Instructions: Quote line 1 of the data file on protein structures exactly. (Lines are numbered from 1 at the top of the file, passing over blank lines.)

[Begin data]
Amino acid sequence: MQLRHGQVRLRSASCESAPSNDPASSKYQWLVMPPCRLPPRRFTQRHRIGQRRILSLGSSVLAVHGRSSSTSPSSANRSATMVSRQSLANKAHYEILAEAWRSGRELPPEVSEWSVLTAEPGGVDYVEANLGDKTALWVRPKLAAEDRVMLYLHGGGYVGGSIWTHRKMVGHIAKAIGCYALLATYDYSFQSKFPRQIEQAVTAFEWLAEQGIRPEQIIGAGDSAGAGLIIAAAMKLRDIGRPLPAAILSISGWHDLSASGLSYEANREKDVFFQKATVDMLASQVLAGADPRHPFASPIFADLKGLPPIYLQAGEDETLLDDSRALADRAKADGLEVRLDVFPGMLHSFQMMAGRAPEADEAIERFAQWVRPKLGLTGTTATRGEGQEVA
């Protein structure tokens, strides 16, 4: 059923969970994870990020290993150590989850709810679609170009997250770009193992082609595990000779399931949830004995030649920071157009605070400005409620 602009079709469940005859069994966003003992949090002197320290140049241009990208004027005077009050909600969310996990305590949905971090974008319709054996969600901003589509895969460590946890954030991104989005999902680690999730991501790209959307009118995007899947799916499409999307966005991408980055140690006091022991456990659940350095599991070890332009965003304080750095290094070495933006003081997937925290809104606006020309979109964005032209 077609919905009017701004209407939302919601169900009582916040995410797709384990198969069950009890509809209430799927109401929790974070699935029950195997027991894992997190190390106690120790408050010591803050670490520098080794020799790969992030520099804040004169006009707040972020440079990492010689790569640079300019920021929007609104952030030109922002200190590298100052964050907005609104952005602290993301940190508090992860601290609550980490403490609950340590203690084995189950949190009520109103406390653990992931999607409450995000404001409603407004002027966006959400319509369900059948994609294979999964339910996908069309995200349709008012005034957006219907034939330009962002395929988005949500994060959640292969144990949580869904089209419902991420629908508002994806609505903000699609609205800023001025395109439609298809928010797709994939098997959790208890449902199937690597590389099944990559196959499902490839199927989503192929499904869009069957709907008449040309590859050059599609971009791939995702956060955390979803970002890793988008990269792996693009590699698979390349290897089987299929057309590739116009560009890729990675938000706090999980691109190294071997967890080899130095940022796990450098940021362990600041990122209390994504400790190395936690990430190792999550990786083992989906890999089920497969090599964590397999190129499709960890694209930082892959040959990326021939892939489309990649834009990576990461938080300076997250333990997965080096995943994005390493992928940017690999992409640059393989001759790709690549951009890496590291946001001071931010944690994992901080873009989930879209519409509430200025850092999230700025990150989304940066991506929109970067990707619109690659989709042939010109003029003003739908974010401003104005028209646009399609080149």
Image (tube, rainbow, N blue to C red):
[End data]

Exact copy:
Amino acid sequence: MQLRHGQVRLRSASCESAPSNDPASSKYQWLVMPPCRLPPRRFTQRHRIGQRRILSLGSSVLAVHGRSSSTSPSSANRSATMVSRQSLANKAHYEILAEAWRSGRELPPEVSEWSVLTAEPGGVDYVEANLGDKTALWVRPKLAAEDRVMLYLHGGGYVGGSIWTHRKMVGHIAKAIGCYALLATYDYSFQSKFPRQIEQAVTAFEWLAEQGIRPEQIIGAGDSAGAGLIIAAAMKLRDIGRPLPAAILSISGWHDLSASGLSYEANREKDVFFQKATVDMLASQVLAGADPRHPFASPIFADLKGLPPIYLQAGEDETLLDDSRALADRAKADGLEVRLDVFPGMLHSFQMMAGRAPEADEAIERFAQWVRPKLGLTGTTATRGEGQEVA